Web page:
If you noticed a few more bucks in your paycheck this week, consider yourself stimulated.
The federal government is withholding less money in advance of a $400 per individual or $800 per couple credit that will apply to 2009 income tax returns.
But what the feds giveth, California's state government taketh -- and more besides. In fact, I'd go so far as to suggest the state is double-dipping from the stimulus pot.
A caveat: I never took economics and somehow managed to get through four years of college without taking a math class. I'm not a wanna-be CPA. Investing prowess? Like most everyone else, I lacked the clairvoyance, insider trading connections or offshore accounts to juggle my 401(k) before it dwindled into a 200.5(k) in that highly corruptible casino we know as Wall Street.
On the other hand, it's pretty clear the so-called financial experts have absolutely no clue about the economy, considering the scope of the meltdown and the number of them who couldn't seem to accurately calculate their own income taxes.
So here's my assessment: Calling it the "Make Work Pay" program, the feds want to jump-start the economy by taking less of our money. That, in theory, will leave us more to spend at the liquidation sales and brimming with the confidence to run up big credit-card balances again.
As another element of the stimulus package, the state will get a lump sum of about $50 billion, supposedly further igniting the economy by putting people back to work on transportation and other projects.
But as part of the budget deal in February, the state will raise our income taxes, an average of $1,000 per year for a working family, according to projections. It also will dramatically increase vehicle license fees and add a penny per dollar to the sales tax.
So that extra $35 or so you thought you'd see on each paycheck will be siphoned off by the state in the form of those higher taxes and fees.
Add the pay cuts or salary freezes affecting so many people, along with food prices expected to rise because of the water shortage, and many families can expect to see their disposable income drop by several thousand dollars for the next couple of years.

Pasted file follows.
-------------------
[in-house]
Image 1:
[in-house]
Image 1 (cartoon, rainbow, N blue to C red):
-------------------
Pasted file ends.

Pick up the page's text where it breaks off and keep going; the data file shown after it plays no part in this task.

The consolation comes from still having a job when so many others have lost theirs.
The kicker comes in May, when you're given the opportunity to vote to extend those additional taxes through 2012 and the car fees through 2013 in a series of propositions in a special election.
This was part of the deal brokered on the Republican side by Sen. David Codgill of Modesto as legislators negotiated to eliminate a projected $42 billion budget shortfall.
M embers of his party ousted Cogdill from his leadership post because he agreed to $12 billion in temporary tax and fee increases as part of a budget plan that included propositions designed to address decades of fiscal craziness on both sides of the aisle.
If the propositions fail, Republicans are threatening draconian measures that, of course, would come crashing down upon Stanislaus and the other 57 counties and their cities, school districts and social services agencies.
"If we don't pass these, taxes will be completely off the table," said Assemblyman Tom Berryhill, R-Modesto. "They rolled the dice that these propositions would pass so we can limit government spending for future generations."
Berryhill said that though he voted against the budget, he has no choice but to support the propositions.
"If the propositions don't pass and we end up $15 (billion) to $20 billion upside down, I don't know how we'll ever get out of it," Berryhill said.
"You can't cut and tax your way out of it. We have to change the direction of California and the way we do business in California, and that's what Dave tried to do. The rest is in the hands of Californians."
Passing through your hands might be a better description.
Jeff Jardine's column appears Sundays, Tuesdays and Thursdays in Local News. He can be reached at 578-2383 or firstname.lastname@example.org.